The important characteristics of a monopoly market

Monopoly refers to a market situation where there is only single seller of a commodity and there are no close substitutes of that commodity. In such a situation, monopolist or the single seller of the commodity has some kind of power or control over the supply of a commodity and hence he is in a position to influence the price.

Since under monopoly, there is only one firm selling a commodity, this firm exercises some control over the supply and price of the commodity.

However, this can be possible only when there are no close substitutes of that commodity. Therefore, the two distinct features of monopoly are – a single seller producing and selling the commodity and no close substitutes of that commodity.

Characteristics of Monopoly:

1. Single seller:

The producer or seller of the commodity is a single person, firm or an individual and that firm has complete control on the output of the commodity.

2. No Close Substitutes:

All the units of a commodity are similar and there are no substitutes to that commodity.

3. No Entry for New Firms:

Monopoly situation in a market can continue only when other firms do not enter the industry. If new firms enter the industry, there will not be complete control of a firm on the supply. As such, whenever a firm enters the industry, monopoly situation comes to an end. There/art, monopoly industry is essentially one-firm industry. This signifies that under monopoly there is no differ­ence between a firm and an industry.

4. Profit in the Long Run:

A monopolist can earn abnormal profit even in the long run because he has no fear of a competitive seller. In other words, if a monopolist gets abnormal profits in the long run, he cannot be dislodged from this position. However, this is not possible under perfect competition. If abnormal profits are available to a competitive firm, other firms will enter the competition with the result abnormal profits will be eliminated.

5. Losses in the Short Period:

Generally, a common man thinks that a monopoly firm cannot incur loss because it can fix any price it wants. However, this understanding is not correct. A monopoly firm can sustain losses equal to fixed cost in the short period. A monopolist means that there is only a single person or a firm to sell the commodity.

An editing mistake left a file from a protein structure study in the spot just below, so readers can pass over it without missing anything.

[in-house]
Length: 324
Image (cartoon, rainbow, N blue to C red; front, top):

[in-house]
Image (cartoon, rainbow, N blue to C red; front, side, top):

Therefore, anybody who would like to buy that commodity will buy it from the monopolist only. However, if a firm has monopoly of such a commodity which people buy less or do not buy, it can incur losses or it may have to stop production even. For example, if someone has the monopoly of yellow hair dye, it is natural that the firm has the possibility of incurring losses because it is a product which people generally don't buy.

6. Nature of Demand Curve:

Under monopoly the demand for the commodity of the firm is less than being per­fectly elastic and, therefore, it slopes downwards to the right. The main reason of the demand curve sloping downwards to the right is the complete control of the monopolist on the supply of the commodity. Due to control on the supply a monopolist makes changes in the supply which brings about changes in the price and because of this demand changes in the opposite direction. In other words, if a monopolist in­creases the price of the commodity, the amount of quantity sold decreases. Therefore, demand curve (AR) slopes down­wards to the right. The nature of demand curve has been shown in the diagram. DD is demand curve, which has a negative slope.

7. Price-discrimination:

From the point of view of profit a monopolist can change different prices from different consumers of his commodity. This policy is known as price discrimination. He adopts the policy of price discrimination on various bases such as charging different prices from different consum­ers or fixing different prices at different places etc.

8. Firm is a Price-Maker:

A competitive firm is a price-taker whereas a monopoly firm is a price-maker. This is be­cause a competitive firm is small compared to market and therefore, it does not have market power. This is not true in the case of a monopoly firm because it has market power. Hence, it is a price maker

9. Average and Marginal Revenue Curves:

Under monopoly, average revenue is greater than marginal revenue. Under monopoly, if the firm wants to increase the sale it can do so only when it reduces its price. This means AR would decline when sale increases. In that case MR would be less than AR. (ii) AR slopes downwards to the right and is greater than MR.